22(2010); http://dx.doi.org/10.1063/1.3483558View Description Hide Description
The dynamics of the triple gas-liquid-solid contact line is analyzed for the case where the gas is the saturated vapor corresponding to the liquid. For partial wetting conditions, a nonstationary contact line problem where the contact line motion is caused by evaporation or condensation is treated. It is shown that the Navier slip condition alone is not sufficient to relax the hydrodynamic contact line singularity: the Marangoni term is equally important when the heat transfer is involved. The transient heat conduction inside the heater is accounted for. A multiscale problem of drop evaporation with freely moving contact line is solved in the lubrication approximation as an illustration of the proposed approach.
- Viscous and Non-Newtonian Flows
22(2010); http://dx.doi.org/10.1063/1.3467040View Description Hide Description
With the advent of microtechnologies, manufacturing of swimming microrobots that mimic the motion of micro-organisms has become feasible. Based upon the work of Taylor [“The action of waving cylindrical tails in propelling microscopic organisms,” Proc. R. Soc. London, Ser. A209, 225 (1951)], the creeping flow induced by a noncircular swimming tail waving in a plane or in spirals was investigated. Tails with rectangular, elliptic, and trapezoidal cross-sections were examined, the latter being the most commonly fabricated microtail. It was observed that for a given cross-section area and propagating wave velocity the trapezoidal cross-section yields the highest tail velocity, whereas the elliptic tail results in the lowest one. Generally, it was obtained that if the cross-section deviation from circularity is expressed by a Fourier series expansion only the symmetric second harmonic affects the propulsion of the tail provided that the wave amplitude is smaller than the cross-section mean radius and of the order of the deviation from circularity. It was also shown that for a planar wave propagating velocity, a higher swimming velocity is obtained if the wider side of the noncircular cross-section faces the waving motion. For helical tails, first order effects of noncircularity on the swimming velocity vanish.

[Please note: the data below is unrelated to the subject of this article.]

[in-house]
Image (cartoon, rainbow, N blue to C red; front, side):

- Particulate, Multiphase, and Granular Flows
A constitutive equation for droplet distribution in unidirectional flows of dilute emulsions for low capillary numbers22(2010); http://dx.doi.org/10.1063/1.3466577View Description Hide Description
The concentration distribution of droplets in the unidirectional flow of an emulsion for small capillary numbers (Ca) can be written as a balance between the drift flux arising from dropletdeformation and the flux due to shear induced migration. The droplet drift flux is modeled using the O(Ca) theoretical results of Chan and Leal [J. Fluid Mech.92, 131 (1979)], while the flux due to shear-induced migration is modeled using the suspension balance approach of Nott and Brady [J. Fluid Mech.275, 157 (1994)], whereby particle migration is ascribed to normal stress gradients in the flowing dilute emulsion. In the limit of vanishingly small capillary numbers, the leading order contribution of the normal stresses in dilute emulsions arises from droplet-droplet interaction and thus scales as , where is the droplet volume fraction and is the local shear stress. In our model, the normal stress calculations of Zinchenko [Prikl. Mat. Mekh.47, 56 (1984)] are connected to our gradient diffusivity data computed from droplet trajectories [M. Loewenberg and E. J. Hinch, J. Fluid Mech.338, 299 (1997)] via a reduced droplet mobility to derive the droplet flux due to shear-induced migration. As an example, the model is applied to the tube Poiseuille flow of a dilute emulsion at small Ca. It is demonstrated that the unsteady concentration distribution of droplets resulting from arbitrary time-dependent average velocity obeys a self-similar solution, provided the thickness of the droplet-depleted region near the walls is always nonzero.